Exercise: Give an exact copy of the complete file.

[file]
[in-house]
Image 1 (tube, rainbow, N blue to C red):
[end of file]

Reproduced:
[in-house]
Image 1 (tube, rainbow, N blue to C red):